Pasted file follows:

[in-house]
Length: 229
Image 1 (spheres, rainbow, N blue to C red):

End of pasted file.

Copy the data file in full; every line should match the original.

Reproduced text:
[in-house]
Length: 229
Image 1 (spheres, rainbow, N blue to C red):